Developed by CYANIDE and published by Focus Home Interactive comes Blood Bowl 2, American Football mixed with a tactical RPG theme. Blood Bowl 2 is the follow up to the 2009 title, which is based on the Game Workshop board game. In Bloodbowl 2 the objective is to score more touchdowns then your opponent by any means necessary in a more violent version of American Football.
Blood Bowl 2: Xbox One, PC, Playstation 4 [Reviewed]
Publisher: Focus Home Interactive
Release Date: 22 September 2015
Price: £39.99 [Disclosure: Game copy supplied by Developer/Publisher]
Blood Bowl 2’s looks and feels great complete with a sports broadcast consisting of two hosts, Bob Bifford and Jim Johnson, who also commentate on the game and bring some light hearted humour to the game. The game also acts as a love letter to the board game, including all of the rules from the latest version of the rulebook of the Games Workshop version. Cyanide have also taken note of complaints from the previous title and created a campaign mode where you take over the Reikland Reavers, a Championship team who have fallen on hard times and have replaced all of its players with rookies. During the Campaign players are tasked with helping the Reavers bring back the glory years, with the rules slowly introduced, this, for me is far more appropriate then the previous games text.
The gameplay is well presented and continues the running theme of a real sports broadcast, with team introductions and in game commentary, this is all topped off with crowd shots whenever a touchdown is scored. Blood Bowl 2 is turn based with each turn timed. Each match is split into two halves with eight turns per side, per half. Games are centred on the roll of a dice, which are automated, with one of the games rules bringing your go to an unfortunate an abrupt end, if one of your players happens to fumble the ball or gets sacked during a tackle.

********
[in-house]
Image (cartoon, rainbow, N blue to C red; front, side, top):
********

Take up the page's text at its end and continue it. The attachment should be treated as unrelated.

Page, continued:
At times Blood Bowl 2 can feel very frustrating with dice rolls feeling a little one sided, I personally suffered on multiple occasions as my running back would fumble the ball over and over only to stand by and watch as the A.I controlled opposition team run literal rings around my team while somehow evading every single attempt at a block before heading into the End-Zone for a touchdown. It appears that the game favours the A.I a whole lot more than it does the player, dice rolls are testament to that.
The real fun of Blood Bowl 2 is the multiplayer and this is where the game explodes into life, whereas the single player matches might appear to be very unfair, playing against a human Online brings a real edge to the game and can leave for some fantastic moments. Instead of watching as the A.I sweep around me, helpless, I end up praying for a mistake from my opponent so I can punish them with my next dice throw. The sports presentation of Blood Bowl 2 comes to the fray with the Online multiplayer and for me this is where the real action lies.
There is no greater feeling then playing against friends and watching the drama unfold as tactics meet pure violence, it emulates the feeling you get from the board game exceedingly well.
Overall, CYANIDE have succeeding in creating a fantastic fantasy based sports game with a polished presentation and great in game commentary. At times the game can feel like it’s totally against you with the lopsided dice rolls, but switch to the multiplayer mode and the game springs to life like a wide receiver taking in a throw from his quarter back and heading down the field at a rate of knots.
The dice rolls and game rules are very akin to the board game which helps bring a large sense of authenticity to Blood Bowl 2 and maybe the true fans of the original board game would enjoy this more then newcomers who might find the rules a little hard to understand, but playing with friends online is very enjoyable and something to experience.